Wall slide with foam roller for serratus anterior & rotator cuff musculature.
The serratus anterior muscle plays a huge role in movement of the shoulder complex. It functions to: protract the scapula, upwardly rotate the scapula, and assist in scapular posterior tilting and external rotation. In addition, it helps to stabilize the scapula against the thoracic cage to prevent excessive scapular winging and anterior tilting – two common impairments seen in those with subacromial impingement.
This video illustrates an exercise that targets BOTH primary functions of the serratus anterior: upward scapular rotation and protraction. As an additional benefit, we’ve added a resistance band around the forearms to facilitate posterior rotator cuff activation to promote the synergy of the serratus anterior and rotator cuff musculature required during arm elevation. This also addresses lat tightness, in which case you may feel a lat stretch as you progress your arms higher toward the ceiling.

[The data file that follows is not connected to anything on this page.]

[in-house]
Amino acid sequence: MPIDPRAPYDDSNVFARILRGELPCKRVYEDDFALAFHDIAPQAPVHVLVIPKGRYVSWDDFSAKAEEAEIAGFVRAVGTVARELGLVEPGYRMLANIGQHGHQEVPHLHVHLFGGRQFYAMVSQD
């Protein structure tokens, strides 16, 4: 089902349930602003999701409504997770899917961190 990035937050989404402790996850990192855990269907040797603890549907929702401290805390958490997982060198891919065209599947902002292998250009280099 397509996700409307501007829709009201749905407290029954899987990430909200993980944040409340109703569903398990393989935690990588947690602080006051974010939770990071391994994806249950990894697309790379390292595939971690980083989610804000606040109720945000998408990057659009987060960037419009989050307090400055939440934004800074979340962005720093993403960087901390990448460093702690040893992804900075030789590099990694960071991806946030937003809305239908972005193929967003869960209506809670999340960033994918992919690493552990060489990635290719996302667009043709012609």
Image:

Perform 8-10 reps of this exercise and you will feel the burn! Remember, perform these in a slow and controlled manner, focusing on correct execution of the exercise.
Reinold, M. M., Escamilla, R. F., & Wilk, K. E. (2009). Current concepts in the scientific and clinical rationale behind exercises for glenohumeral and scapulothoracic musculature. J Orthop Sports Phys Ther, 39(2), 105-117. doi: 10.2519/jospt.2009.2835